— Lynn H.
Call No.: B Vance
Hamid writes softly, poetically about the harshness of forced migration resulting from the realities of ethnic wars and terrorism in our time. By virtue of his stylistic choices, including “magical realism” (refugees desperate to leave their embattled homeland enter and exit through black doors without any knowledge of what awaits them on the other side: for the main characters, these doors lead first to a Greek island, later to London and finally to Marin, California) and his focus on the intimate relationship between two main characters, Saeed and Nadia (young, urban, education, smart-phoned professionals) as well as his intermittent placement of a brief light on various unnamed migrant characters scattered in different parts of the world, the author elicits the reader’s empathy and identity with refugees. Hamid captures the reader’s communion and compassion for the characters in his arresting line: “When we migrate we murder from our lives those we leave behind.” Further, when describing dependence on prayer as a response to his displacement, Hamid expresses that he prays “as a gesture of love for what had gone and would go and could be loved in no other way.” Finally, Hamid contrasts the wanderings of the main characters with an elderly woman in California who “lived in the same house her entire life.” Even so, her home becomes unrecognizable to her, leading her to conclude that migration is unavoidable: “Everyone migrates, even if we stay in the same house our whole lives.” “We are all migrants through time.”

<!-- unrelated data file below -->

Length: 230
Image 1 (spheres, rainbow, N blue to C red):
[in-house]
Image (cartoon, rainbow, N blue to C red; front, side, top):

Call No.: FIC Hamid
Disclaimer: I am an avid bridge player, therefore any book using this best of all card games, just can’t be bad! (in my estimation).
The narrator/author Betsy Lerner is the daughter of one of five women who have met for 50 years to play bridge. Each week one of them hosts the game, and either takes everyone out for lunch or caters the lunch herself. (Note: Only four can play each hand, but there is often someone who can’t make it, so they play with one additional player.) As a teenager, watching her mother, Betsy had no interest in learning the game at all. One aspect of this book shows her evolution from a somewhat “wild child” of the 60s and 70s, fighting her mother at every opportunity, to a productive wife, mother, and loving daughter.
These five bridge ladies have an extraordinary bond, and their story is told with wit and charm. This is a wonderful read and you don’t have to be a bridge player to enjoy it.
Call no.: B Lerner